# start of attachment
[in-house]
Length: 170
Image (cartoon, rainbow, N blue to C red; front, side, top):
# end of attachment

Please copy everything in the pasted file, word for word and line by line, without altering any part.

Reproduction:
[in-house]
Length: 170
Image (cartoon, rainbow, N blue to C red; front, side, top):